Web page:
Beginning Card Making - Stamps: What I've Learned so far
Here is the next section on my series: Beginning Card Making - What I've Learned so Far. This section all about stamps.
The great thing about stamps in general is that they can be mixed and matched. You might have some image stamps, a background stamp and a sentiment stamp, all different companies, but may be of a same 'theme' (i.e. birthday). Put them all together and you have a card!
Generally, I would recommend a birthday set and a sentiment set, these will serve you for a long time in creating cards. If the set has some basic or themed images included, you can use those to create your own patterned paper, which will stretch your stamp set even further.
There are a few different types of stamps: wood mounted (with red rubber), red rubber cling, and cling/clear stamps.
WOOD MOUNTED STAMPS
While I still love wood mounted stamps, I quickly learned that they take up a TON of space. And it can be frustrating if you need to re-stamp a wooden image (unless you have a stamp positioner to assist).
I found that the clear/cling stamps sets, tend to give more for your money. But of course that leads to having secondary tool, an acrylic block or stamp press. Using clear stamps can make it easier to line up and stamp again if needed. Clear/cling stamp sets are usually a collection of stamps around a theme (i.e. birthday) so they may have a mix of sentiment and images related to that theme. Some clear/cling stamp sets may include coordinating dies. These are great if you have die cut machine to use them with. Another bonus is finding stamp sets with coordinating stencils, I also have a few of these sets in my stash. The stencils are usually a background image that will coordinate with the stamp set, again, stretching your supplies even further. That’s a win for me and my budget.
Tools Needed for Clear/Cling Stamps
An acryrlic block is generally a clear thick plastic block in rectangle, square or circle shape. You press the smooth side of your cling/clear stamp to the block, the apply ink to the stamp to create the image.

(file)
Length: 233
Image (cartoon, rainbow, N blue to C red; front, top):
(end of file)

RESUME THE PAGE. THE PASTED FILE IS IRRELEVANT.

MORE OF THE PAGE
Similar to an acrylic block, the stamp press has a hard plastic section with "feet", place the smooth side of the stamp on the press (feet side up), ink up the stamp. Turning over the stamp press, the feet will suspend the stamp above your project so you can move it around for placement. Once you're happy, apply pressure so the feet compress and lower the inked stamp to your project. (I love the Fiskars Compact press).
TIP: Find blocks or a stamp press that has grid lines on it. It will help you line up your stamps well. Before bringing it to your project, stamp it off on scrap paper just to make sure it is lined up straight (ask me how I know!)
Top of the line stamp presses: You can also invest in a stamp press/positioner that has a hinge to it. These are a higher in price than blocks and single stamp press, but will allow you to stamp multiple cards with the same placement without having to move the stamp each time. Some of the popular products are the MISTI, We are Memory Keepers Precision Press, and soon to arrive Tim Holtz Stamping Platform
TROUBLESHOOTING - "under pressure"
When you're first starting out, it can be hard to know how much pressure to put on your block or wooden stamp to get a nice crisp image. You can practice on scratch paper first before trying it out on a project.
Generally, you want to apply even pressure to the block or stamp press over the stamp. You can do so by "walking" your fingers over the stamp with firm pressure.
Try not to "rock" the block too much in the process, you might end up with a border of ink around the image. To minimize stray ink, wipe off any excess ink on your block and edge of the stamp with a microfiber cloth, baby wipe or stamp shammy.
I hope you have enjoyed this post. Thanks for stamping by!
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